An original wooden water main pipe covered in bark was unearthed by the City of New Buffalo and Abonmarche crews near the intersection of Merchant and Barton streets during the ongoing street and infrastructure renovation project the morning of Tuesday, April 24.
The crews found what is likely a pre-1900 era water pipe buried three and a half feet below the road bed. The water line had long been abandoned, having been replaced in the early part of the 20th century with a cast iron pipe line. Water Superintendent Ken Anderson said that the water department replaced lines in the early 1940s along Mechanic Street at Smith, Barker and Barton streets with cast iron pipe. At that time, they discovered fire hydrants dated back to 1929, which were connected to older lead pipes. He said no historical data exists for early water line installations in the City; however, in his estimation, the wooden pipe is from the 1800s.
The pipe is 10 inches in diameter, with a 3 ¼-inch hole bored through the middle for water service. The bark covered logs were tapered at one end and fitted together, similar to a tongue and groove type of installation. Water Distribution and Filtration Operator Rob Gruener said that his research shows that that particular type of wooden pipe was used in Michigan beginning in the 1830s and 1840s. He added that during WW I, it was used again due to the limited availability of iron.
Matt Blanton, road inspector and engineer with Abonmarche, and the City water department crews said this was a first for everyone on the scene. Gruener said that the department has more than 70 years of combined water department service; however, no one has ever seen an old wooden pipe in all of the water main breaks and streets they have dug into over the years.
“It was the last thing I expected to find,” he said.
Blanton said in his 10 years of inspecting road projects and installations, he has never seen a wooden water pipe.
Anderson said the current City water plant came online in July 1970 to provide purified water to City customers. Prior to that time, he said there were three pump houses in the City that pumped ground well water to consumers. The pump houses were located at Willard and West Mechanic streets and Water and North Townsend streets. The only existing pump house structure remaining holds the lighthouse at the City beach.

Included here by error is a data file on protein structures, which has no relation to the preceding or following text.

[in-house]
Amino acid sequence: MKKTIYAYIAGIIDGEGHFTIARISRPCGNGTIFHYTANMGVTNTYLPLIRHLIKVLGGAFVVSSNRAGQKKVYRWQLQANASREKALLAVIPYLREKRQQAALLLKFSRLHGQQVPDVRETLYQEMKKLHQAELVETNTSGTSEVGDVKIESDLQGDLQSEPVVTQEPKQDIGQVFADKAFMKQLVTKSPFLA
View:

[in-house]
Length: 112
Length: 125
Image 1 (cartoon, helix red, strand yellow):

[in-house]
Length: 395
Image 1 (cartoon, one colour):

According the book, New Buffalo Story, Captain Wessel Whittaker erected the first log cabin on the northwest corner of Whittaker and Merchant streets. He then laid out the block bounded by Whittaker, Buffalo, Barton and Merchant streets, calling it Seaman Square. From the original 1935 pioneers, growth in the Village was very slow, however; by 1947, many small businesses were thriving. In 1849, the railroad came to town, bringing passengers to stay overnight in new hotels and inns. While there is no mention in the history book of water mains being installed throughout this time, with the community finally seeing growth, that might be a possible timeframe for the installation of a water main.
Originally, New Buffalo was settled and homesteaded west of Whittaker Street in the vicinity of the unearthed wooden pipe. The early homesteads, schoolhouse and businesses were built in the area north of Buffalo Street, to approximately Mechanic Street from Whittaker Street, west to Willard Street. Hotels, inns and taverns were built near Barton and Mechanic streets within walking distance of the steamship docks and the eventual train depot. Trains began arriving from the east to New Buffalo in 1849, bringing with them the first wave of tourists, who then boarded steamships to Chicago and Milwaukee ports.
Anderson said that old-timers told him they remembered men hand digging trenches to install piping. He said the wooden pipe represents at least three generations of water service throughout the 19th, 20th and 21st centuries: the wooden pipe; the four-inch cast iron pipe installed in the 1940s and the 2017 Ductile, eight-inch iron pipe lines that are currently being installed. He said the new lines are more malleable and less rigid than old cast iron lines, with a concrete liner to prevent corrosion.
The Water Department crews cut a portion of the pipe out to be used for a future display. The remainder of the pipe remains underground, running south toward Buffalo Street under Barton Street.